Hitler boasts about Russian losses

Hitler discusses the Russian situation with Field Marshals Keitel (at right) and Walther von Brauchitsch, October 1941.

Every year on 8th November Hitler addressed his most loyal Nazi party supporters at the Munich Beer Hall from where he had launched his first attempt to gain power. He was speaking to the converted when he claimed that the Russian campaign was as good as won:

If I wanted to sum up the success of this campaign until now, then the number of prisoners now stands at approximately three point six million, that is, three million six hundred thousand prisoners.

And please don’t tell me an English blockhead says that this has not been confirmed. If a German military office counts something, then it is correct! There is an essential difference between a German officer and a British stockbroker! It is totally correct, just as our numbers for French and English prisoners were correct! The English know this quite well themselves because they always want to take care of their prisoners.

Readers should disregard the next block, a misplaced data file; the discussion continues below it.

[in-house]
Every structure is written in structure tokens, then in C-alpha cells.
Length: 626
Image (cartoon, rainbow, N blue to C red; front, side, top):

Now, if I look at three point six million prisoners on the one side and I go by World War standards, then this means a corresponding number of casualties. It would be a bad testimonial for Mr. Stalin if his people were fighting less bravely now than they did in the World War. On the contrary, they fight in part out of fear and in part with bestial, fanatical madness.

And, if I now assume that in Russia, as here with us, there are three to four wounded for every fatal casualty, then the result is an absolute loss of at least eight to ten million, without considering those only slightly wounded, who might be cured and put back into action.

My party comrades, no army in the world can recover from this, not even the Russian.

The previous day Stalin had addressed the Soviet peoples and, based on his assessment of the German casualty figures, reached the opposite conclusion. It was becoming apparent that this was another war of attrition.

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Keith McLennan November 8, 2011 at 11:22 am

Look who’s in the background (with hands folded) – General Paulus, deputy chief of the general staff, who would surrender at Stalingrad fourteen months later.

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